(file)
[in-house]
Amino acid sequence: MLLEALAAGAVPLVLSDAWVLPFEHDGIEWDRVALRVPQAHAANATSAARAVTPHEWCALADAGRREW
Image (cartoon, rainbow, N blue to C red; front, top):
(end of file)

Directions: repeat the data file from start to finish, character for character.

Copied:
[in-house]
Amino acid sequence: MLLEALAAGAVPLVLSDAWVLPFEHDGIEWDRVALRVPQAHAANATSAARAVTPHEWCALADAGRREW
Image (cartoon, rainbow, N blue to C red; front, top):